I suggest we simply won’t know for another month or so which pattern will prevail. However, that hasn’t stopped IUCN Polar Bear Specialist Group member Andrew Derocher (via Twitter, e.g., here and here, among many others) from suggesting that this year’s pattern is likely a portend of doom for Hudson Bay polar bears. See what you think.
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Arctic polynyas and sea ice extent in Canada at 20 May 2015

The map of sea ice extent in Canada at 20 May 2015 is an almost-perfect example of the placement of recurring patches of open water polynyas that were present in the Canadian Arctic at this time of year in 1975-1979. Notes from field work on shore leads in Hudson Bay ice at May, 1948 offer further insight into the current pattern of sea ice cover on the bay.

Polynyas and shore leads vs sea ice at 20 May 2015_PolarBearScience

May is traditionally the time when recurring polynyas in the Canadian Arctic become more prominent and persistent shore leads (cracks in the ice near shore, also called “flaw leads”) become wider. Polar bears hunt around these polynyas because ringed and bearded seals congregate around them in the spring (Stirling et al. 1981; Stirling 1997). These polynyas are often not truly “open water” but covered by thin ice that’s easy for seals to break through.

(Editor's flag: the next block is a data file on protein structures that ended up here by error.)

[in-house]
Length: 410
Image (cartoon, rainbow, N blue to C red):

Slight differences in location and size of polynyas and shore leads from year to year (especially in spring) are governed primarily by prevailing winds (Dunbar 1981:29) and to a lesser extent, currents. See my previous discussion on Beaufort Sea polynyas, with references: Beaufort Sea polynyas open two weeks before 1975 – open water is good news for polar bears.

This suggests that while sea ice cover over Hudson Bay and the Beaufort Sea is now a bit below average for this time of year (as the maps for this week show), it does not necessarily portend an earlier breakup or longer open-water period later in the year.